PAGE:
Dec 5th – What we miss in Sweden
What we miss the most is you (and BJ). Life has been on hold for us in so many ways that it still just feels like extended vacation, until we look at social media and see your lives moving forward and us not being there to be a part of it. That is the hardest part. Please accept our apology for leaving suddenly and then failing to communicate much. It’s just been a massive transition. We still love you! We hope you love us too.
Aside from you, there are comforts from Portland we miss too.
Whole Child Montessori Center. An extension of the people but also the place, the garden, the sense of calm being there. Knowing my son was learning and growing in the best way possible. Watching him run into the gate with joy. Enjoying every other human I interacted with there, and being in awe of the staff. This was the hardest things to leave aside from friends. Still miss it more than anything listed below.
Alternative health care at our fingertips. Mary Grabowska, Golden Cabinet Herbs, bone broth in a food cart, a culture that doesn’t eat quite so much candy. Knowing a Doctor’s Note is only a phone call away at any time of day or night. I’m just glad I brought my ND/Lac with me!
New Seasons, the friendliest market where you can even have your groceries bagged for you! They don’t do that here. People abide by the “queue” but hate that you are in front of them and even worse when you buy more than 5 items at the store. WHAT IS THE POINT of going to the store to buy 5 things?!!? Plan better and stop looking at me like that. You just have to wait. I have a weeks worth of groceries and you have to wait. Bagging is such an easy job that anyone can do, certainly this would be a good position in a socialist democracy?! I hate grocery shopping here. There are organic options, but not as many as we’re used to. I think the regular stuff is better regulated, but they haven’t caught on to nitrite free or many other “frees” we’d like to see. Unexpected. Which leads me to…
A proper butcher and deli counter. We have yet to find one, and know they will be outlandishly expensive. Affordable bacon. Nitrite free ham.
Sweetheart Ham. From Olympic Provisions. Oh my.
Honey Mamas. Thank you Maegan for introducing us. Looking forward to trying Eleanor’s hack. This stuff is awesome.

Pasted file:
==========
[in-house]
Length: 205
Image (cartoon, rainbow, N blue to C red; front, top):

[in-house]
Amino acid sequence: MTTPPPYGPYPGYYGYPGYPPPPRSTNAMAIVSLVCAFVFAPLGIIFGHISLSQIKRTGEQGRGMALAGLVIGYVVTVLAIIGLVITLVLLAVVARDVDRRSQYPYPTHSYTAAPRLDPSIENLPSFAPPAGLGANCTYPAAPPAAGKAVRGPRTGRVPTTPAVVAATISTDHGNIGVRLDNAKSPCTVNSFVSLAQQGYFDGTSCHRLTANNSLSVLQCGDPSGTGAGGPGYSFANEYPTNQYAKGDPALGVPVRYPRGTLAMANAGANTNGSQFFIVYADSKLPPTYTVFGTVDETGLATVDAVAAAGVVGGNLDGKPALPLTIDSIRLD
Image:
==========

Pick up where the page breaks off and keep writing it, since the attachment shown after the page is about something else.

Proper Tacos. As noted on Dec 1st, every Friday is Taco Friday here, but no one has any idea what a decent taco is, or at least, there aren’t ingredients available in the store for a decent taco. Glad we brought masa with us. We’ll do fine on our own. But it is nice every now and then to get a good, affordable, quick meal out.
Eb and Bean – that fro-yo is outta this world!
Granola. New Cascadia and other small batch granola. We’ll get on making ourselves at some point.
Sunsets. There are amazing sunsets here, absolutely stunning, but because we’re on the first floor of an apartment in a forest, we don’t see them. Fortunately, we stocked up over the summer on the islands. We do miss the view we had on 42nd though. Hope you’re enjoying it, April!
Our garden, chickens, chest freezer and plenty of space. We miss our Portland lifestyle and long for a little more breathing room again. But it’s also nice to have less to care for and live more densely. But the chest freezer would make getting ahold of that good meat a lot easier…
Parking. Parking is a huge pain in the ass and I’ll write more about that later.
Independent bookstores. There are great libraries here but the bookstores are, as far as we can tell, dominated by a couple of powerhouses. Their selection is so-so.
English. Miss that somedays. Not everyday. Also, there are lots of English speakers here.
Generally knowing where things are and how to find things we need. This is evenly weighed with the excitement of getting to know a new place.